Gail Asper says the Friends of the Canadian Museum for Human Rights may have to raise more money from private donors than the remaining $14 million it needs to reach its fundraising goal, because the Friends will have to pay interest on a provincially-backed loan they’re taking out.
Actually, they’ll pay a lot more than interest on the $35-million loan they’re securing from Scotia Bank and two credit unions.
Last time I checked, when you take out a loan, you have to pay back the principal too. And even under the most generous of interest rates offers, the Friends will have to raise as much as $50 million over the next 20 years to pay back the provincially-backed loan, if they use the full $35 million.
And if they can’t, taxpayers will be on the hook for the balance.
But why let those little financial realities get in the way of the big celebration this past week over how the CMHR now has funding “certainty” to open in 2014?
There’s funding certainty because taxpayers just bailed out the museum -- again.
The only reason museum officials and the Friends have the liquid cash they need to finish the inside of the building and open in two years is because they secured two loans on the backs of taxpayers.
That’s on top of the $160 million taxpayers have already provided for capital costs.
The first loan is an interest-free, $35-million loan from the federal government. The Harper government had vowed earlier this year that it wouldn’t sink another dime into the museum, insisting its $100-million capital contribution and $21.7-million annual operating contribution was as high as it would go.
Well, they gave in and have provided the museum with an interest-free loan. Depending on how quickly the museum pays back that loan, the advance will cost taxpayers millions in interest costs.
The second loan has been secured by the Friends -- the fundraising arm of the museum. They vow to repay the bank loan with interest from donor contributions.
Trouble is, even though taxpayers are guaranteeing the loan, the details of it -- including interest charges and the amortization period -- have yet to be determined.
“The agreements between the Friends and the financial institutions are being finalized and Friends will be able to provide more information as appropriate, once they are concluded,” wrote CMHR communications director Kathi Neil in an email response.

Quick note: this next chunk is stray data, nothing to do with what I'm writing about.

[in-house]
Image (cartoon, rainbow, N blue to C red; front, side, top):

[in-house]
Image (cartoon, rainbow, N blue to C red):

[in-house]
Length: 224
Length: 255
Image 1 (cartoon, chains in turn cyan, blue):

Naturally, the less favourable the terms of the loans -- including what interest rate the banks charge -- the more risk there is to taxpayers.
Asper did speculate on a 20-year payback period this past week.
“If it takes 20 years to raise this money, there will be more interest costs incurred and there’s more operating cost,” said Asper, the Friends national chairwoman.
So let’s assume that because this is a government-backed loan, the financial institutions will lend the money at prime, currently 3%.
At 3% fixed over 20 years, the Friends would have to raise an additional $47 million between now and 2032 to pay back a $35 million loan.
That’s principal and interest. Of course, prime is unlikely to stay at 3% over the next 20 years. So the repayment amount will probably be even higher. At 5% over 20 years, for example, the Friends would have to raise $56.2 million to pay back the loan.
Can anyone see the Friends out in the community 10 or 15 years from now trying to raise tens of millions of dollars to help pay off the principal and interest of a museum that’s been open for more than a decade?
Naturally, the Friends debt could be lower if they don’t use the full $35 million.
But if history has taught us anything about this project, the final bill for the CMHR will almost certainly exceed the latest estimate of $357.5 million.
You can take that to the bank.